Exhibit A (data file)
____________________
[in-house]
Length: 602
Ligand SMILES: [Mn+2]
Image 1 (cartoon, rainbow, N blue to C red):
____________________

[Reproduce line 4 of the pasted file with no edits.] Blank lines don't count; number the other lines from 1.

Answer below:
Image 1 (cartoon, rainbow, N blue to C red):